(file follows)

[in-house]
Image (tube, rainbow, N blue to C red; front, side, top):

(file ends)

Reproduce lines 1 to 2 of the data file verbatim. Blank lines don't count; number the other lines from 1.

[in-house]
Image (tube, rainbow, N blue to C red; front, side, top):